Fall 2017 Colloquia
All Colloquia are held 3:30-5:00 pm with Reception to follow unless otherwise noted*. Locations listed below.
Schedule subject to change.
View more info on our Events page.
September 21, 2017
“Political Transcendences: Imaginaries, Sociologies, Rhetorics”
Associate Professor of Sociology, University of Chicago
Location: Robertson Hall Room 227, *reception to follow in Randall Hall 212
Andreas Glaeser is a sociologist of culture with a particular interest in the construction of identities and knowledges. His work interlaces substantive interests with efforts to build social theory. In this vein, his first book develops a theory of identity formation processes in the context of an ethnographic study of Germany's post-unification woes. He is currently finishing a book aiming at the development of a political epistemology which asks how people come to understand the world of politics from within their particular biographical trajectories and social milieus. The substantive focus of this book is the late socialist German state's effort to understand its citizens and to control the opposition as well as the opposition members' efforts to form their independent understanding of state socialism. He has begun work on a new project which studies the emergence of dominant understandings about Muslim immigrants in the interaction between contingent historical events, the cycles of electoral politics, everyday experiences and mass-mediated discourses in Germany, France and Britain.
October 12, 2017
"A Critique of Max Weber's Narrative of Disenchantment"
Visiting Professor of Sociology and Social Thought, University of Chicago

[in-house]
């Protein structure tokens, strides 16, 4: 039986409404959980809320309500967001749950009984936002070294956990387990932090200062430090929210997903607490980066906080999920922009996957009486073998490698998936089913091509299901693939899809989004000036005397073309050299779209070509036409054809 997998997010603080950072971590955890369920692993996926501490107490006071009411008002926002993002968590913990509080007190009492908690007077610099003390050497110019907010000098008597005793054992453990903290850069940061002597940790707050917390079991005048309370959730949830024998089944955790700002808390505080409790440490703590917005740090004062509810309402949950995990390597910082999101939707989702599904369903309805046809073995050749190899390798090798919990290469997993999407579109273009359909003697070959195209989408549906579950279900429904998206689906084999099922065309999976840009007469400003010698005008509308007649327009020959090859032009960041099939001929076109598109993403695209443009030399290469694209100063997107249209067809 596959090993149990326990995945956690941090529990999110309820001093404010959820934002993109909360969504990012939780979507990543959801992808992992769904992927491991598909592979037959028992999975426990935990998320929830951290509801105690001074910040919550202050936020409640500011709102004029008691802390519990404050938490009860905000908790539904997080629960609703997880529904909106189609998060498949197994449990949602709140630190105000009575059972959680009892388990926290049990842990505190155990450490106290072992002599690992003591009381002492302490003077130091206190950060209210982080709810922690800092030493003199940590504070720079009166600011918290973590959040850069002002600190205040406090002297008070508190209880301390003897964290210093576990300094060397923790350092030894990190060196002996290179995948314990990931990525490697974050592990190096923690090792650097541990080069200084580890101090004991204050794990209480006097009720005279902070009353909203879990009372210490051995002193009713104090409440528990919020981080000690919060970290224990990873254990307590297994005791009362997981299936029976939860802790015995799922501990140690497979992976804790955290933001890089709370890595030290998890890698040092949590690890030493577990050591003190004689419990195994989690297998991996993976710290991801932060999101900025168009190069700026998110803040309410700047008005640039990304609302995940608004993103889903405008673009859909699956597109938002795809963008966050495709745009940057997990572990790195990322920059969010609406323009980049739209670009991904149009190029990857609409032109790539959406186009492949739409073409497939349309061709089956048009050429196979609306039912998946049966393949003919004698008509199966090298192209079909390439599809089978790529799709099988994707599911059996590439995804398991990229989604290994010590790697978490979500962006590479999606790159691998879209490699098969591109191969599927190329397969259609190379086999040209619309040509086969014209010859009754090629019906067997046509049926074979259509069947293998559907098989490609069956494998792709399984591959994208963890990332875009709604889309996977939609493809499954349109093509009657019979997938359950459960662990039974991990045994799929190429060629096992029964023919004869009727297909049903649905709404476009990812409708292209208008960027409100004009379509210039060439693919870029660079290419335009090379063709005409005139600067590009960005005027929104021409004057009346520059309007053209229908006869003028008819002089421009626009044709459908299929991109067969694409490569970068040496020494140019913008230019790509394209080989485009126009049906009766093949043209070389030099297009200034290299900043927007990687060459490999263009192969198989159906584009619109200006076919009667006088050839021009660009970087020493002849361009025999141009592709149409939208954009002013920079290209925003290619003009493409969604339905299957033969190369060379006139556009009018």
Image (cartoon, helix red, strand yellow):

Location: Auditorium of the Albert and Shirley Small Special Collections Library, University of Virginia
October 26, 2017
"'A Very Expensive Ordinary Life': Consumption and Moral Legitimacy among New York Elites"
Associate Professor of Scoiology
New School for Social Research
Location: McLeod Hall Room 2005
November 16, 2017
“The Origins of Globalization Revisited: The Case of Clinton’s U-Turn on US-China Trade, 1993-94”
Associate Professor of Sociology, Johns Hopkins
Location: Robertson Hall Room 227
In the midst of an economic crisis in 1993, the Chinese government struggled to reorient the economy to export-driven growth, targeting the US market which has been the largest absorber of East Asian manufactures exports since the 1960s. But in 1993, different factions of the US political establishment – organized labor, different business sectors, foreign policy idealists and realists, etc., were divided over the question of free trade with China (and free trade in general). In this new and ongoing research, I combine sources from the US and China to delineate the surgical lobbying efforts that the Chinese government undertook to shape the balance between pro-trade and anti-trade forces within the US political economy. These efforts, combined with the institutional change in the American state, led to Washington’s embrace of free trade with China as epitomized by Clinton’s unconditional renewal of China’s Most Favored Nation status in 1994. This research shows that the historical rise of free trade was not a linear, inevitable process pre-determined by some structural forces of capitalism as many suggest. Instead, it was as much a result of many contingent and eventful political processes cutting across Global North and South.
November 30, 2017
Film and Discussion - 'Sugarcoated Arsenic' (2014)
Professor of History, Univeristy of Virginia
Location: Robertson Hall Room 227
The film features Vivian Gordon – a Black feminist sociologist, activist, and poet – who received her PhD in Sociology from UVA in 1974 and taught in the department until 1980, while also chairing the Black Studies program here at the university. (Murray Milner knew her very well). In exploring the intellectual, social, and political lives of Black students and faculty at UVA in the 1970s the film draws on rare archival material (audio reels, discarded photographs, local newspapers). However it is not strictly speaking a documentary: the film is performed by current UVA students.
The film has been shown at the Oberhausen Short Film festival in Germany and the Rotterdam International Film Festival in the Netherlands. Claudrena co-directed it with an award-winning experimental filmmaker, Kevin Everson (who teaches at the UVA Art Department).